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Tips for eczema and dry skin

We see eczema flare up at this time of year due to the cooler temperatures. Read below to find out how you can help care for your child’s dry skin.

What is eczema?

Eczema is an inherited form of very dry skin.  It is often seen in those who also have allergies or asthma.  It can be present in infants, children, and adults.  Usually, by teenager years, eczema is much improved or resolves.  It is not an allergy but can be made worse by exposure to allergies. Unfortunately, eczema is a chronic condition, but there are many things that can help improve symptoms.  We encourage you, your child, and your provider to work together and make a plan to keep your child’s eczema well controlled. 

Signs and Symptoms

Those with eczema present with very dry skin, mostly noted on the flexural surfaces (in the elbow and knee creases).  Sometimes the patches of dry skin are circular and other times there are more widespread patches of dryness.  The dry skin is often very itchy, and this may affect ability to sleep well.  When skin is itched we can occasionally see bacterial skin infection occur. 

How is the diagnosis made?

Through a detailed history of symptoms and evaluation of skin, your provider can determine if eczema is present. 

Prevention and Treatment

The mainstay of treatment is keeping skin well hydrated and preventing exacerbations. There are a few helpful tips below from our local Specially For Children Dermatology office.

  • Keep bath time short. Longer time in the water dries out skin, which can worsen dry skin.
  • Use as little soap as possible during baths and make sure it is fragrance free and hypoallergenic
  • After bath, pat the skin dry and then immediately apply a moisturizer to all skin. Again, make sure the moisturizer is fragrance free and hypoallergenic.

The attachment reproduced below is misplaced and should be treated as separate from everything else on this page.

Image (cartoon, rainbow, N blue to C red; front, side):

• Reapply moisturizer often. Dermatologists recommend that you apply at least 5 times per day!  Suggestions for moisturizers are below.
  • Use laundry detergent without dyes or perfumes. It is also helpful not to use fabric softener.
  • Swimming in a pool with chlorinated water will dry skin; follow the steps above after swimming.

It is also important to avoid allergens and other environmental factors that make your child’s eczema worse.  These could include pollens, dust, mold, smoke, animal dander, dry cold air, excessive heat, skin care products that contain alcohol, and certain fabrics (such as wool).

When these steps are not enough, talk with your provider who may recommend medications for itching and/or a steroid cream to help with eczema flare-ups.

How to choose soap and moisturizer

Soaps:

  • Use as little as possible during baths and make sure it is fragrance free and hypoallergenic
  • Soap brands most often recommended by our local dermatologists include: Dove Unscented, Basis, Purpose, and Cetaphil
  • When soap substitutes are preferred by families, our local dermatologists recommend Cetaphil, Aquanil, and Moisturel (please ask for directions if you are using a soap substitute)

Moisturizers:

  • There are 3 kinds of moisturizers: creams, ointments, and lotions.  Those with lower water content (creams or ointments) work better for eczema.  Though ointments usually work best, they are challenging to use often because they are thick and greasy. We often recommend using ointment at bedtime and a cream during the day. 
  • Assure moisturizers are fragrance free and hypoallergenic
  • Brands most often recommended by our local dermatologists include: VaniCream (cream), CeraVe (cream), Eucerin (cream), Moisturel (cream), Cetaphil (cream), Dermovan (cream), Aquaphor (ointment), and Vasoline petroleum jelly (ointment).

Other Information

If your child’s eczema is not improving, or is worsening, talk with your provider about your concerns.

AUTHOR

PAA Advance Practice Providers

Our PAA APP’s include: Amber Mercer, Annie Croft, Bridget Shen, Brooke Gonzalez, Caitlin Whiteman, Courtney Dudley, Emily Woodard, Emma McCarty, Erin Moore, Keena Chung, Lauren Karnesky, and Pam Dietrich